When people secure a divorce in another country, they may find themselves subject to unfamiliar laws, and involved in legal processes that bear little resemblance to what they have previously seen and heard here in the U.S.
While they may achieve the desired result despite their initial feeling of discomfort -- a legal split from their spouse -- it is nevertheless important for them to remember that the long-term effects of this final judgment are generally enforceable, even if they come back to the U.S.
To illustrate, consider a case involving a 52-year-old man from neighboring South Dakota who recently learned that he may be looking at perpetual child support payments under Canadian law.
The man, who was born and raised in South Dakota, accompanied his wife up to a town in Manitoba when she was offered a job opportunity there. Unfortunately, the couple's marriage failed and the two secured a divorce in Canada in 1997. As part of the divorce settlement, the man was ordered to pay $300 a month in child support.
Shortly thereafter, the man returned to South Dakota, where he lived for nineteen years and made every single child support payment on time up until December 2012. At this time, he believed that his child support obligations had come to an end as his two children could officially be considered adults.
Several months later, however, he received a letter from the state's Department of Social Services informing him that he had at least $2,700 in child support arrears.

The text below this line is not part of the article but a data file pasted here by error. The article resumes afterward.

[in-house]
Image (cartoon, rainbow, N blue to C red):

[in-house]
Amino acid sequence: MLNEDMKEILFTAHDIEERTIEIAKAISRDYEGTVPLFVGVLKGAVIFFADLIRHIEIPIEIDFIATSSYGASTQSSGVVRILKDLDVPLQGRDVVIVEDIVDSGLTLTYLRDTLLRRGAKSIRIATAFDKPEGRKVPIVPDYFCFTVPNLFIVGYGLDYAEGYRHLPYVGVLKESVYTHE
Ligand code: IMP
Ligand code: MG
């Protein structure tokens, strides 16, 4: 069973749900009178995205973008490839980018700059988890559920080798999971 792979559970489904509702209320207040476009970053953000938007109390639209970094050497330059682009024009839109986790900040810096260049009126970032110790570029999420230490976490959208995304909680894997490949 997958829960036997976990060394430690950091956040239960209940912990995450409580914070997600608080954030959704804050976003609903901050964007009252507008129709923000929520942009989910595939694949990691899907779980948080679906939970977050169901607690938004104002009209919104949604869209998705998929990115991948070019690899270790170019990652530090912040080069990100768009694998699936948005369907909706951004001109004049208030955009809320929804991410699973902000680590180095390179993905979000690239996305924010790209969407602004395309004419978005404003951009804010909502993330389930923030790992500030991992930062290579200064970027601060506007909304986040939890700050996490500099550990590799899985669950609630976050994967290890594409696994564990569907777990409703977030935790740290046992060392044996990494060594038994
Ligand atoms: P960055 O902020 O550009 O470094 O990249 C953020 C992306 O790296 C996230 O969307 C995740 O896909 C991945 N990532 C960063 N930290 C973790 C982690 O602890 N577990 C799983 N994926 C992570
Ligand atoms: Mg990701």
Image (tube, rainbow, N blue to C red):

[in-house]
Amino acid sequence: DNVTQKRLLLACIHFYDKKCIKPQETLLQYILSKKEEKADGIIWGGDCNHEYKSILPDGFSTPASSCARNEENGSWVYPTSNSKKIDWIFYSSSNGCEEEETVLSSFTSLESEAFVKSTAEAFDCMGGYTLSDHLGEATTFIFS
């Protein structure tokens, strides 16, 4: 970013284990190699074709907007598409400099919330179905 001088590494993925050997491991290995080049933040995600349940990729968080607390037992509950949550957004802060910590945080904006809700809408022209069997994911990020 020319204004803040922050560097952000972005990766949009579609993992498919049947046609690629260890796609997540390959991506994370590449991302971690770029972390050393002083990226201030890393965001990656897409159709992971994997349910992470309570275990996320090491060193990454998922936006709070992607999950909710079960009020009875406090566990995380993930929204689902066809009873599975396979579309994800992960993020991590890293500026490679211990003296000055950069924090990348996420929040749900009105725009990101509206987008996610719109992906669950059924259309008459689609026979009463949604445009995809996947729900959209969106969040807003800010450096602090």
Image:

After doing a bit of research and consulting with professionals, he learned that unlike the child support laws here in the U.S., Canada's dictate that child support can go on indefinitely unless the payor challenges the matter in court. Even then, experts say the chances of prevailing are 50-50.
It's important then for people to understand that state law and federal law typically dictate that support orders entered in courts of foreign jurisdiction are fully enforceable here in the U.S.
For his part, the man came up with the child support owed (although the enforcement action hurt his credit) and had an administrative hearing scheduled with South Dakota officials earlier this week. It remains uncertain as to whether he will continue to be locked into perpetual child support payments.
Thos with any type of question concerning child support -- general information, enforcement, modification, etc. -- should strongly consider speaking with an experienced legal professional to learn more about their rights and options.
Source: The Rapid City Journal, "Pierre man protests paying perpetual child support," Joe O'Sullivan, April 5, 2014